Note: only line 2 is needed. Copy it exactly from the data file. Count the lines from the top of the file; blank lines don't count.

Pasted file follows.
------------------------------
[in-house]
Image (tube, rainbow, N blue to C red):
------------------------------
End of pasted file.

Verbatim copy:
Image (tube, rainbow, N blue to C red):